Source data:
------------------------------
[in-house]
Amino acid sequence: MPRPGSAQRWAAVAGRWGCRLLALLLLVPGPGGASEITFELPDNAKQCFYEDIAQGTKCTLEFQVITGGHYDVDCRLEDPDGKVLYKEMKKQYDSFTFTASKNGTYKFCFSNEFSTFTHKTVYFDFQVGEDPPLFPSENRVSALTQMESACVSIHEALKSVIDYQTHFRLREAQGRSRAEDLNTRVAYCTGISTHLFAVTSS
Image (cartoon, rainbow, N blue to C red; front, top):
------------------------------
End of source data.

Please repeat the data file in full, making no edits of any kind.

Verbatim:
[in-house]
Amino acid sequence: MPRPGSAQRWAAVAGRWGCRLLALLLLVPGPGGASEITFELPDNAKQCFYEDIAQGTKCTLEFQVITGGHYDVDCRLEDPDGKVLYKEMKKQYDSFTFTASKNGTYKFCFSNEFSTFTHKTVYFDFQVGEDPPLFPSENRVSALTQMESACVSIHEALKSVIDYQTHFRLREAQGRSRAEDLNTRVAYCTGISTHLFAVTSS
Image (cartoon, rainbow, N blue to C red; front, top):